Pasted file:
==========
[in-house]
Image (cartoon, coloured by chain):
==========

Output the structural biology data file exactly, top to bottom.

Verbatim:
[in-house]
Image (cartoon, coloured by chain):